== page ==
Turkey's recent ban on Twitter is yet another indication of the country's illiberal turn, writes Steven A. Cook in the New York Times Room for Debate, as Prime Minister Erdogan seeks to intimidate and silence critical journalists and observers in a move reminiscent of the Arab leaders during uprisings in their countries.
"In a nutshell, Asia's biggest economies think they are becoming even more of a buyer's market for Russian energy, and hope to use Moscow's current turmoil to buy more gas for lower prices. If they're right, countries like China and South Korea would gain a longer-term, cheaper source of energy, while Moscow would be able to keep tapping its mineral wealth for decades to come."
Janine Davidson discusses the lack of clear NATO countermove in response to growing Russian aggression in the Ukraine. By standing mostly idle, NATO emboldens Russian military planners, making further escalation more–not less–likely.
"The west is not going to war with a nuclear-armed Russia. But outright annexation of a part of a smaller country strikes at the roots of the post-second world war European settlement. Angela Merkel, Germany's chancellor, was right to say that Russia had resorted to the "law of the jungle". This annexation cannot go unanswered. It is too dangerous a precedent."
Prime Minister Recep Tayyip Erdogan has weathered public protests, a corruption scandal, and mounting political pressure in the past year, and is likely to tighten his grip on power, says CFR's Steven Cook.
Russian President Vladimir Putin gave these remarks before the Russian parliament, stating that Crimea could become a part of Russia. After the speech, Russian and Crimean officials signed a treaty to unify the two regions. The United Nations passed a resolution on March 27, 2014, on Ukraine's territory.
"Russia's moves on Crimea, where its Black Sea fleet is based on territory leased from Ukraine, has diverted the international spotlight from Maidan. And the shift of battle lines from Kiev to Simferopol, Crimea's regional capital, has raised further questions about why and whether the revolutionary stragglers at Maidan are serving any useful purpose."
As Russian officials on Thursday announced new military operations in several regions near the Ukrainian border, it becomes clear that the country isn't just dealing with a political crisis. Its economy is also in jeopardy.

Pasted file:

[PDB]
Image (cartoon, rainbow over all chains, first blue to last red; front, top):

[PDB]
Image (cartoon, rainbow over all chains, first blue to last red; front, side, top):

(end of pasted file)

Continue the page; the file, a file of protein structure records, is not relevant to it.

"Without a strong and assertive Germany, there can be no strong and assertive EU in the world. And without a more self-confident EU, the liberal global order―built and underpinned for decades by the United States―might not be sustainable. Germany must start to invest more in an order from which it has benefited so much over the decades."
In his testimony before the House Committee on Foreign Affairs' Subcommittee on Africa, Global Health, Global Human Rights, and International Organizations and Subcommittee on Europe, Eurasia, and Emerging Threats, Richard N. Haass discusses his role as the chair of the Panel of parties in the Northern Ireland Executive and the remit of forging consensus on the use of flags and emblems; the regulation of parades, commemorations, and attendant protests; and contending with the past.
"There are about three hundred thousand Crimean Tatars on the peninsula, and although they constitute only fifteen per cent of its population they have great political significance. If they do not back the upcoming referendum, it will be far more difficult for the pro-Moscow government in Crimea to legitimize what is in effect a Russian annexation of the peninsula."
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The authors argue that it is essential to begin working now to expand and establish rules and norms governing armed drones, thereby creating standards of behavior that other countries will be more likely to follow.
The author examines Pakistan's complex role in U.S. foreign policy and advocates for a two-pronged approach that works to quarantine threats while integrating Pakistan into the broader U.S. agenda in Asia.